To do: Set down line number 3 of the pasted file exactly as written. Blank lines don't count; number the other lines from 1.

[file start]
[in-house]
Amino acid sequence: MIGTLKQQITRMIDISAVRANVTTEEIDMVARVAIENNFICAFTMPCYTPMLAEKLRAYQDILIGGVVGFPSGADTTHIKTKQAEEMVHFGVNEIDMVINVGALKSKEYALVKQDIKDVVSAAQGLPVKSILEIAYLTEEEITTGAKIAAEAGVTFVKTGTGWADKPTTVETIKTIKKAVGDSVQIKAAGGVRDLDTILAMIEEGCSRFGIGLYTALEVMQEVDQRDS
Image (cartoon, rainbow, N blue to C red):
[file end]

Image (cartoon, rainbow, N blue to C red):